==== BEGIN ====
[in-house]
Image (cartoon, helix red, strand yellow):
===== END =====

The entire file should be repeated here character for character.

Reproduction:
[in-house]
Image (cartoon, helix red, strand yellow):